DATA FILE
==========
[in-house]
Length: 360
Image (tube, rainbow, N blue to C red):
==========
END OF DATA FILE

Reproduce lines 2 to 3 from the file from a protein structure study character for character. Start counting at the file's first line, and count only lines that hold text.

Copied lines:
Length: 360
Image (tube, rainbow, N blue to C red):